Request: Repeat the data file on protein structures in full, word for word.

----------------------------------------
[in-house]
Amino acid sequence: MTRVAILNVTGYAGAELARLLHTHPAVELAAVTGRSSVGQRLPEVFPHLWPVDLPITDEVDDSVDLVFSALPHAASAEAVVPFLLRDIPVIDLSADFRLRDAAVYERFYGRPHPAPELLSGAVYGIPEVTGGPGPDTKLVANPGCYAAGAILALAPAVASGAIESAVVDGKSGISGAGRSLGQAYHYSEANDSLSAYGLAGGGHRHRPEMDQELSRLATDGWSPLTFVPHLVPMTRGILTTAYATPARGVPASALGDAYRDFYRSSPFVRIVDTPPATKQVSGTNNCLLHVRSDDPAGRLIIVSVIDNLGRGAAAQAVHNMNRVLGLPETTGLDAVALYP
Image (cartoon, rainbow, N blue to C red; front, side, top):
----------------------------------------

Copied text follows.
[in-house]
Amino acid sequence: MTRVAILNVTGYAGAELARLLHTHPAVELAAVTGRSSVGQRLPEVFPHLWPVDLPITDEVDDSVDLVFSALPHAASAEAVVPFLLRDIPVIDLSADFRLRDAAVYERFYGRPHPAPELLSGAVYGIPEVTGGPGPDTKLVANPGCYAAGAILALAPAVASGAIESAVVDGKSGISGAGRSLGQAYHYSEANDSLSAYGLAGGGHRHRPEMDQELSRLATDGWSPLTFVPHLVPMTRGILTTAYATPARGVPASALGDAYRDFYRSSPFVRIVDTPPATKQVSGTNNCLLHVRSDDPAGRLIIVSVIDNLGRGAAAQAVHNMNRVLGLPETTGLDAVALYP
Image (cartoon, rainbow, N blue to C red; front, side, top):